I have recently been reading essays by Loren Eiseley, a paleontologist of the middle twentieth century. His books, such as The Firmament of Time and The Immense Journey, were considered epics of popular science writing at the time they were published. Many of his essays are very well-written, and I recommend him to any of you who like classic nature writing.
One of his essays, The Slit, is about a time in which he went down into a cavern and dug out a mammal skull from shortly after the extinction of the dinosaurs. Primates, the order to which humans and other apes belong, started to diversify right after the dinosaurs became extinct. One of the directions that they diversified was into arboreal forms, living in the trees. And that is where most of them still are, except for baboons and people. Another direction was to live by burrowing in the ground out in the newly-spreading grasslands. These primates eventually became extinct. Why? It was probably because of another order of mammals that was evolving and diversifying at the same time: rodents, which includes prairie dogs and ground squirrels. [Here is a photo I took of a prairie dog in the Badlands of South Dakota in 2000.]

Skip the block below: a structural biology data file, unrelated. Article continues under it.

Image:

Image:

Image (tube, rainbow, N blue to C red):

Very early in the Cenozoic Era, it was not clear which direction mammalian evolution might take. Out in open prairies, both primates and rodents diversified. But the rodents were more successful, driving the burrowing primates to extinction. Had things ended up just slightly differently, primates might have been primarily burrowing animals, rather than leaping around in trees. And humans might not have evolved.
Another insight I got from reading Eiseley was a possible contributing factor to human intelligence. Our big brains require a lot of oxygen, therefore a lot of blood vessels. Why did our lineage, starting with the amphibians, have such well-oxygenated brains? The answer might be that amphibians evolved not just in shallow water, not just in shallow fresh water, but in shallow fresh anoxic water, so that extra blood vessels were required to keep even their small brains alive. It was this extra vascularization that made the evolution of intelligent terrestrial vertebrates possible.
To me, this was an excellent example of how the slightest change in the course of events can make a huge difference in the evolutionary outcome.